On December 11, two of EDC’s computer science education leaders—Jim Stanton and June Mark (shown at left and below)—were invited to the White House’s K–12 Computer Science Education Workshop to share their individual views and experience with new strategies to expand access to computer science learning. Held during a weeklong celebration of Computer Science Education Week, the all-day White House workshop engaged Stanton, Mark, and a small group of fellow thought leaders in identifying barriers and opportunities to expanding K–12 computer science in the U.S. and improving student outcomes.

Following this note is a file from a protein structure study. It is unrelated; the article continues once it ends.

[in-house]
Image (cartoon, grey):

Jim Stanton, Executive Director of the MassCAN initiative led by partners including EDC, Google, Microsoft, Mass Business Roundtable, Mass Competitive Partnership, the state’s Computer Science Teachers Association local chapters, universities, and the Mass Technology Leadership Council, said: “We were honored to be asked to take part in this energizing and inspiring event. The Administration is right to identify computer science learning as a ‘new basic’ in the 21st century and to ramp up efforts to ensure all students have a solid computer science education.” June Mark, co-Principal Investigator of the NSF-funded Beauty & Joy of Computing in NYC (BJC4NYC) initiative, noted: “EDC is deeply committed to expanding access to computer science education through our curriculum, research, and strategic efforts to support teachers and strengthen systems. It was wonderful to explore challenges and new ideas with dedicated colleagues from across the U.S.”